• WAL-MART: ROUND 2....

    WAL-MART: ROUND 2. Sebastian Mallaby 's obtuse column about anti-Wal-Mart sentiment among Democrats offers me an opportunity to expand on some comments I made last week. Then, referring to a Jonah Goldberg column on the same subject, I said that "how to handle Wal-Mart is among the two or three most important issues facing the country." A lot of folks ceased reading right there and began accusing me of not taking "Islamofascism" and health care seriously enough. Yes, if only I paid more attention to health care. Here's the point: It's not about Wal-Mart. Many on the left and the right make to believe this is primarily about how much H. Lee Scott pays his cashiers. It isn't. Rather, Wal-Mart is setting the norms and standards for the coming service economy. Where GM and Ford played this role for the manufacturing sector -- and the unions forced them to use their power to create the American middle-class -- Wal-Mart is assuming primacy as manufacturing's successor, and doing so without...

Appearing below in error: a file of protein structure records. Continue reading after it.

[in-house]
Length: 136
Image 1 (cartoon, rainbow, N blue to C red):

• IT'S ALL ABOUT...

    IT'S ALL ABOUT THE R'S IN '08. Bloggers and journalists focused on the Democratic presidential primary contest in '03 and '04 because there wasn't one on the Republicans side, and there still seems to be a bit of a hang-over from that reporting that leads people to pay more attention to possible '08 Democratic contenders than Republican ones. This really needs to end. The most common questions about the '08 contest in my experience involve Hillary Clinton : Will she run? Can she win? etc., etc. But the answer to such questions cannot be found by looking at Clinton's history or the political landscape alone. Clinton's electability will be entirely a function of who the Republican '08 candidate is, as will any Democrat's electability. This straw poll of Republican bloggers (via a Jerome Armstrong post at MyDD) reminded me of this and of just how different Republican bloggers are from the mainstream of the Republican Party. There's been a surge of support among Republican bloggers for...
  • MORE ECCODITTO.